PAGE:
Since my Audio Technica AT95E phono cartridge mysteriously suffered a cantilever bend, and, even after adjusting for this minor metal tweak, began to suffer from bothersome inner-groove distortion, I thought it was time for something new. With the B&W speakers and the very nice (for the price) performance of the Nakamichi SR-3A receiver, I wanted a decent jump up in sound quality. In the sub-$100 category, there are several popular choices - the Ortofon OM10 and 2M Red, the Audio Technica AT-100E and AT-110E, the Shure 97xE, the Sumiko Oyster, and two Grado cartridges.
One brand, however, begin to stick out, Nagaoka. They offer several models ranging from the $80 MP-100 to the $655 MP-500. Since this is a budget rig, I decided on the MP-110 with its strong 5mV output, a reputation for tracking and low noise, and the replaceable stylus. The cartridge came in a funky little UFO-shaped container along with screws and even a little screwdriver.
A quick visual inspection showed a cantilever that was mounted straight without any slop to the left or right. Construction quality was high - it felt more substantial than the budget Audio Technica AT95E - though some threaded holes would be nice instead of juggling with tiny nuts and screws (please no sexual jokes). Installation on my Dual CS5000 removable headshell wasn't too bad, provided my big Norgie cat stopped getting in the way. Apparently she likes shiny things. After that a protractor was used for alignment and digital gauge to determine the stylus force, which was set at 1.8g.
With no break-in, the sound was a little strange - diffuse and with some minor midrange suckout. Tracking, however, was very, very good. With some cartridges, the MFSL re-issue of Frank Sinatra - Nice 'n' Easy, the last track could start to show some serious inner-groove distortion. Listening intently with the Nagaoka I had a hard time hearing any mistracking or added grittiness to the vocals. Very impressive considering the low price point of this cartridge.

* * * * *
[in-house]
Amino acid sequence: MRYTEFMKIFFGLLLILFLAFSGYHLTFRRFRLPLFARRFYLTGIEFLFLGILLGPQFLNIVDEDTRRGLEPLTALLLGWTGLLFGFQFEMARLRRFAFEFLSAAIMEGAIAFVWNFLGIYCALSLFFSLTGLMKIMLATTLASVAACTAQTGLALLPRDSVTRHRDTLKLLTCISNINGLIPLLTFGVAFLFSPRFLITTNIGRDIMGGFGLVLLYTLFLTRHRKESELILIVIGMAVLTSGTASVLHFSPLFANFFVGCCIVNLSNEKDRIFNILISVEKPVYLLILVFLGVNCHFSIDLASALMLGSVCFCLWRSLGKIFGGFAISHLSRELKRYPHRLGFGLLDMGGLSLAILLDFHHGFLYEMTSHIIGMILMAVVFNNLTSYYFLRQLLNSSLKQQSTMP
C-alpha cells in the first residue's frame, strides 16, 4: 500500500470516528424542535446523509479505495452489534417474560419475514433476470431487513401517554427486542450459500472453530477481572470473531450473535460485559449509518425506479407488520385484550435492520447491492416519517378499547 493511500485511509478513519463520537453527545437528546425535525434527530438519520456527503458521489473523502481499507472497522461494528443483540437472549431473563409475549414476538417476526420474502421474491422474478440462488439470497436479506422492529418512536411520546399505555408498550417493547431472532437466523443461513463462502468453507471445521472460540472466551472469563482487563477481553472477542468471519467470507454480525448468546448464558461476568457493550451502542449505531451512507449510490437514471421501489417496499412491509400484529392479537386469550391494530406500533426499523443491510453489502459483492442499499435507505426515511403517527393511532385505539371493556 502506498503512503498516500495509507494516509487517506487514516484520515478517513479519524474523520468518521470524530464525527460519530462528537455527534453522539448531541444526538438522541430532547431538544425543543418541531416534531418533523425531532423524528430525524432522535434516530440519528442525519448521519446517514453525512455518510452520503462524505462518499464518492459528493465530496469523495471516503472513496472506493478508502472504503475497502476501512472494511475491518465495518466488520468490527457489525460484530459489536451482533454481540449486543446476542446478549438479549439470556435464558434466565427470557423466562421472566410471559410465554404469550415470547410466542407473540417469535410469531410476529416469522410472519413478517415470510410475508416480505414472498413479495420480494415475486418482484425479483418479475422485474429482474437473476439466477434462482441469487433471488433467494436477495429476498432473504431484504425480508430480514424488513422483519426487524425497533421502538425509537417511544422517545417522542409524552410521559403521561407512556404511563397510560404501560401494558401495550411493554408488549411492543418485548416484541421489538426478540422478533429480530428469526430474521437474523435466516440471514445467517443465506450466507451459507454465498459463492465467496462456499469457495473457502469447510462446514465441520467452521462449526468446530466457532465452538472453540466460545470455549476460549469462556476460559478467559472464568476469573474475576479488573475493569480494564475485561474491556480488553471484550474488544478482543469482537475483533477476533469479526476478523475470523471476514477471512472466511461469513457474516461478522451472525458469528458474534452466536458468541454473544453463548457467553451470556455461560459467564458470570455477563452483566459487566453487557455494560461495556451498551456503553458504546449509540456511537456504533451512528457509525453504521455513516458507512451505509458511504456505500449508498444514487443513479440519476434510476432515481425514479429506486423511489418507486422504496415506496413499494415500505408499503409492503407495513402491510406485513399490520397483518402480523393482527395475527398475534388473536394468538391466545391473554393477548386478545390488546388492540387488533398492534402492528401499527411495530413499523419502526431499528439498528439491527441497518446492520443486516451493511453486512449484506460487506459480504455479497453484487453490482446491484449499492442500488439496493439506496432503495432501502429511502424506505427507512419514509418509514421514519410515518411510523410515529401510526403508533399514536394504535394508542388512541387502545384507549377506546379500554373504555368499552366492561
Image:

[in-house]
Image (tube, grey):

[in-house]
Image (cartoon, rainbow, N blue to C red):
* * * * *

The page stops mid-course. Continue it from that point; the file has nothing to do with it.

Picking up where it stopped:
A few hours and many records later it was time to do some serious listening.
Listening to the re-issue of Dead Can Dance - The Serpent's Egg revealed a cartridge that sounded surprisingly refined for this price level. The midrange was on the warm sound of neutrality and the treble was slightly forward with a bit of a metallic sheen, but the music was reproduced without any of the roughness or congestion that I normally associate with cheap cartridges. Bass definition - at least through the small woofers of the B&W Matrix 805s - was very good. It was also easy to pick out the different instruments in the mix.
One of my rarer records is the album Turquoise Fields from the French Coldwave act Little Nemo. My copy isn't exactly mint and normally has some offending ticks and pops that distract from the music. The Nagaoka MP-110, however really reduces this noise quite a bit. I also found this to be true with my beat up Japanese copy of This Mortal Coil - It'll End In Tears. In short, the cartridge is a godsend for vinyl collectors of obscure music who can't always find the cleanest copy.
My second system is mainly used for background - not for serious listening. The speakers are too far apart and too close to the wall for good imaging. The soundstaging, therefore, is not a strong point. I can't comment too much on the Nagaoka MP-110 here, but the imaging is a bit diffuse and a little less solid than my CD player. I am, however, too lazy to install this cartridge in my main system, replacing the Dynavector 10X5. Maybe someday once the Dynavector needs to be re-tipped.
Nonetheless, I can highly recommend the Nagaoka MP-110 within the confines of a budget system. That refinement I mentioned earlier gives a real "taste of the high-end". In comparison, my memory of the Ortofon 2M Red (on a different table, mind you) was of a rougher sound. This finesses of the MP-110, and the ability to reduce vinyl noise while tracking the inner groove makes it a budget winner.
Dual CS5000 turntable
Nakamichi SR-3A receiver
B&W Matrix 805s on stands
Wire: Various brands